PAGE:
“What do you mean, it must be that tree over there? That tree isn’t north of us..”
“It must be north, Mummy. It’s the way I’m facing, therefore..duh..it must be north!”
My father and I stared at each other for a moment and stared back at Mini-Me. Silent. He and I have very similar thought processes and we understood the silence between us and the slight, unintentional, shaking of our heads.
“Hmmm,” we both said at pretty much the same time, mirroring each other’s facial expression of slowly dawning realisation.
He was rethinking his encouragement of his granddaughter to become a surgeon. I, on other hand, was mentally composing a letter to Mini-Me’s Geography teacher.
“..whilst I appreciate that my daughter can correctly (and neatly) draw a diagram of the confluents of the Nile Delta and can name all the states in the USA and their capitals…she seems, however, to be under the illusion that she is perpetually facing north..”
We were standing on a recreation ground which was painted with the lines for football pitches. It was quite frosty, so the net-less goal posts were all that really gave a clue to where we were. You could tell we were in a posh part of Birmingham – the tree we were heading towards had coat hooks screwed into the trunk. No jumpers for goal posts for these players.
“You have to line up the iPhone so the map matches the way you’re standing. See? That road..it’s behind us, so you need to hold the phone this way..”
My father is far more patient than I, but even he seemed a little exasperated.
“So..what we’re looking for should be..over there!” Mini-Me exclaimed, marching towards a fence overgrown with grass and weeds, and full of litter and plastic bags looking suspiciously like discarded dog poop bags. I tried to ignore the fact that in no other situation would I ever encourage Mini-Me to ferret around amongst the debris left in a park and focused on the thrill of the hunt, trying not to question what on earth I was doing.
It was a really cold day in the school Christmas holidays. Mini-Me and I had travelled to the outskirts of Birmingham to visit my father and his wife for a couple of nights. The previous evening, my father, who is a self-claimed geek, had gingerly proposed an activity for the following day.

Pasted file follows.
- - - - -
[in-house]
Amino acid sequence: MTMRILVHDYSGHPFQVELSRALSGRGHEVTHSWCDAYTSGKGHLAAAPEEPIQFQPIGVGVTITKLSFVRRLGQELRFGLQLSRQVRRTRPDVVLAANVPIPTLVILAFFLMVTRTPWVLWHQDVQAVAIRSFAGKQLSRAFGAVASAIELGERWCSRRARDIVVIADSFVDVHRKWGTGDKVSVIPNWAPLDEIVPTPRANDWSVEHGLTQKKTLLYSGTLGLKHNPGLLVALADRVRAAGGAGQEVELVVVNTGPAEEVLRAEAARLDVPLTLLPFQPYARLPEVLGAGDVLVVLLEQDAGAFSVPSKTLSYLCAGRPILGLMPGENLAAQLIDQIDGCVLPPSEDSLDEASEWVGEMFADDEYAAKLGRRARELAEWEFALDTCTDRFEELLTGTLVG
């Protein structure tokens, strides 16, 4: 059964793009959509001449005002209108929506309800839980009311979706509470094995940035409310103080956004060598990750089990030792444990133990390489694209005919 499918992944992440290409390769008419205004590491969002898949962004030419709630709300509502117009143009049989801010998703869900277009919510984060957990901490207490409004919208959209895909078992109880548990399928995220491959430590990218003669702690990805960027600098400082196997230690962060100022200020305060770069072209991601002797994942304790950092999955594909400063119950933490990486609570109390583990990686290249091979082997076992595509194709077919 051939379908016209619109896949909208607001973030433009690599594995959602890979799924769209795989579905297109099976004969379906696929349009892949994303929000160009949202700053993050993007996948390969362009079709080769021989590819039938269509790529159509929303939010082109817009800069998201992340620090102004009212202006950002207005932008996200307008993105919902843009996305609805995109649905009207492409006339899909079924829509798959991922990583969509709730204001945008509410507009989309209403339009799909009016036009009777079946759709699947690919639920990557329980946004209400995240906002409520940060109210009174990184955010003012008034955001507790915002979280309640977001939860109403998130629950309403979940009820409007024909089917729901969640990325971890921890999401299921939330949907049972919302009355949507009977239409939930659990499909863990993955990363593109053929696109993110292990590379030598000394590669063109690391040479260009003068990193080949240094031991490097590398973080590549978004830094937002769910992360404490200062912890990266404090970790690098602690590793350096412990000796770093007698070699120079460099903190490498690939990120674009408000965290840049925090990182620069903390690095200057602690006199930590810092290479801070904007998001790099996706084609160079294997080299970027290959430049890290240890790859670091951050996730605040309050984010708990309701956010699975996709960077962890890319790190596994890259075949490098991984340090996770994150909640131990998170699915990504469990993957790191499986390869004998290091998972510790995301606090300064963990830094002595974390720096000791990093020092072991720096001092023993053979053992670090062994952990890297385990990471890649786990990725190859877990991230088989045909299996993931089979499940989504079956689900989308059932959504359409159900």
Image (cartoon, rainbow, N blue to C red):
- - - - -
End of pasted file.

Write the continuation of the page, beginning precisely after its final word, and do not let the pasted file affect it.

“..It’s called geocaching…”
“Absolutely! Yes!” My enthusiasm was way beyond any reaction my father could possibly have been expecting. “Loads of my friends are into that..it’s really trendy right now!”
My father looked very pleased with himself. Educational and trendy. Double winner.
Geocaching is pretty cool. The official geocaching website describes the activity as ” a free real-world outdoor treasure hunt”. It’s very simple. You try to locate hidden containers, called geocaches, using a smartphone or GPS and then, once you have a log-in and can access the database, you can record and share your experiences. You enter your location, decide which cache you are going to search for from the list of caches located nearby , search for the cache using a GPS device or smartphone, find the cache and sign the logbook.
Just please don’t ask me why we do this.
I really enjoyed the whole experience. Mini-Me was in charge of the iPhone. I say ‘in charge’ when I really mean that she was holding it. Three generations of super-competitive players meant that Mini-Me was given little leeway for being only eight years old. Besides, she still doesn’t know her left from her right, so it was best for all concerned if my father or I stepped in and took charge.
The cache which we were hunting was located on the bank of the towpath of the Grand Union Canal, easily accessible from the lane where my father lives. I love Birmingham and the canals are my particular favourite feature of the city. Admittedly the claim that Birmingham is “England’s Venice” is absurd – I’ve been to Venice. The waterways, however, are inspiring and perfectly embody the history of the Industrial Revolution, which, as a Brummy (and later a Mancunion) is a period I find extremely interesting.
Even in the prosperous outskirts of the city, the feel is still very urban, with stretches of hedgerows bordering fields punctuated with bridges covered in graffiti. There is one particular bridge where my father takes Mini-Me’s photograph every year. Every year she reaches a different spray-canned tag.
Despite being somewhat distracted by trying to smash the ice on the canal with stones, we did find the cache. Mini-Me scrambled up the bank and found a bag made of camouflage material, inside which was a Tupperware box. Opening the box felt odd – we are constantly told not to touch packages when we don’t know what’s inside them – but I swallowed my motherly concerns and Mini-Me pulled off the lid. There was a very small spiral bound notepad, a little pencil and a Dora The Explorer figurine inside.
As Mini-Me opened the notepad to sign the log, her expression changed abruptly.
She turned the pad round and I started to laugh. In handwriting that I recognised, and that only a doctor could have, were the words ‘Hello, Bea!’
My father hadn’t wanted the experience to be a disappointment, so that morning had jumped on his bicycle and sped down the towpath with his iPhone to check out that there was actually a cache where there should have been. That’s what grandfathers do.
We decided to do one more cache, downloaded the information onto the iPhone and headed off. We did eventually successfully find a tiny metal box, attached by a magnet to the back of a plinth on a metal fence surrounded by litter in the field which may or may not have been north.
The Doctor called that evening to speak to Mini-Me. She enthusiastically explained about geocaching and what we had found. After they had spoken, he asked to talk to me and she handed me the phone.
“Don’t ask”, I said, pre-empting his question.
“No, but really…why?”